What Programming Language Should I Use to Build a Startup?

Often entrepreneurs ask me 'What technology should I build my startup on?' There is no right or wrong answer to this question. It's a decision every company makes for itself, depending on what it's trying to build and the skills of its cofounders. Nonetheless, there are a few rules that one should adhere to. We discuss them in this blog post.

Incident Response Policy

What happens in your company when a production incident occurs? Usually in a typical startup, you will see engineers running around frantically trying to resolve the problem. However, as soon as the incident is resolved, they forget about it and go back to their usual business. A good incident response policy can help bring order into chaos. We provide a sample template in this blog post.

Why Software Deadlines Never Make Sense

We discuss why software deadlines usually don't make sense.

Analyzing Front-End Performance With Just a Browser

We discuss a number of freely available online tools which can be used to analyze bottlenecks in your website.

Why Smaller Businesses Can't Ignore Security and How They Can Achieve It On a Budget

In this article, we show that security is both important and achievable for smaller companies without breaking a bank.

Thursday, December 29, 2011

Caro-Kann proves deadly to International master

Just had a nice win against IM Ilgar Bajarani, European team chess champion in 2001.
This was a 3 min game, but still turned out nicely. As usual Caro-Kann with black proves deadly.

Move Badigo, I (IM) Yampolskiy, A
---- ---------------- ----------------
1. e4 (0:02) c6 (0:01)
2. d4 (0:01) d5 (0:01)
3. e5 (0:01) Bf5 (0:02)
4. h4 (0:00) h5 (0:01)
5. c4 (0:01) e6 (0:01)
6. Nc3 (0:00) Ne7 (0:02)
7. Bg5 (0:01) dxc4 (0:08)
8. Bxc4 (0:02) Nd7 (0:01)
9. Nge2 (0:00) Nb6 (0:01)
10. Bb3 (0:01) a5 (0:03)
11. a3 (0:04) Nbd5 (0:03)
12. Ng3 (0:03) Bg6 (0:02)
13. Nce4 (0:03) Qd7 (0:18)
14. Nd6+ (0:03) Kd8 (0:01)
15. O-O (0:07) f6 (0:01)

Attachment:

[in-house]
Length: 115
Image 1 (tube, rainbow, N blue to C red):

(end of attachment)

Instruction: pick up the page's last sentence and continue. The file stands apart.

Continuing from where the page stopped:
16. Bd2 (0:18) Nc8 (0:06)
17. Nge4 (0:06) Nxd6 (0:05)
18. Nxd6 (0:04) Bxd6 (0:01)
19. exd6 (0:01) Qxd6 (0:00)
20. Re1 (0:02) Kd7 (0:04)
21. Qf3 (0:02) Bf5 (0:04)
22. Rac1 (0:03) Rag8 (0:09)
23. Rc5 (0:02) b6 (0:10)
24. Rcc1 (0:02) g5 (0:02)
25. Ba4 (0:02) b5 (0:02)
26. Bb3 (0:01) gxh4 (0:01)
27. Bxa5 (0:07) Nf4 (0:01)
28. d5 (0:15) Rxg2+ (0:08)
29. Kf1 (0:01) Bd3+ (0:04)
30. Qxd3 (0:04) Nxd3 (0:01)
31. dxe6+ (0:06) Ke7 (0:06)
32. Kxg2 (0:10) Rg8+ (0:06)
33. Kf1 (0:04) Nxc1 (0:04)
34. Bb4 (0:13) c5 (0:01)
35. Rxc1 (0:03) cxb4 (0:03)
36. Rd1 (0:04) Qxd1+ (0:04)
37. Bxd1 (0:02) bxa3 (0:00)
38. bxa3 (0:01) Ra8 (0:01)
39. Bxh5 (0:01) Rxa3 (0:02)
40. Kg2 (0:01) Kxe6 (0:02)
41. Bg4+ (0:01) f5 (0:01)
42. Bf3 (0:01) b4 (0:02)
{White resigns} 0-1

Monday, December 19, 2011

Caching through Aspect oriented annotations.

I spent part of the day today instrumenting some of our DALC (data access methods) with caching using the typical paradigm:

public Data FetchData(string key) {
if (cache.HasKey(key)) {
return cache[key];

Data d = GrabFromDB(key);
cache[key] = d;
return d;

It is a pain, because every single method needs to be instrumented with the same preamble. My next step was to try to use reflection to dynamically modify the generated C# IL code.

A few hours later, I came across this elegant solution using Aspect oriented programming (AOP):

Postsharp framework allows you to define custom annotations, so that instead your code becomes

public Data FetchData(string key) {
return GrabFromDB(key);

The problem is that the key "FetchData" is not dynamic, and instead must depend on the value of the parameter. There turns out to be a nice solution to that as well :

I am going to try it out tomorrow, but it's looking quite promising.

Monday, December 5, 2011

Sunday, December 4, 2011

What is the greatest moment?

Nice quote. I feel this way sometimes when I debug an elusive bug in software having spent hours on it.

I remember being in a hotel room in 1967 in San Franciso one night and I'm
flipping the dials after doing all this promoting all day long. There's this
little old jewish guy with a bald head sitting at a piano and he's being
interviewed. And I suddenly realize I'm looking at Igor Stravinski the great
Russian-American composer. The interviewer is saying to him...
"So Mr. Stravinski, what is the greatest moment for you? Is it when you finally
write the symphony?
And he says..."No, No, No...". He sounds like a New York cab driver.
"Is it when you've heard it played the first time by a symphony?"
And he says...."No, no, no...".
"What about opening night when they premier it and herald it as being one of the
greatest works of the 20th century?" And he says...."No, no no...".
"So what IS the greatest moment for you?"
He was sitting at the piano with music on the thing there and he says: "I'm
sitting here at the piano and for 3, 4 hours I'm trying to find a note. I can't
find the note and I'm going 'bum, bum'....'bum, bum'....'bum, bum' for three
hours. Finally after 3 hours I FIND the note. That's the moment. There is
nothing like it. That's everything".

-Dustin Hoffman's acceptance speech, A Lifetime Achievement Award, The Golden
Globe Awards, January 1997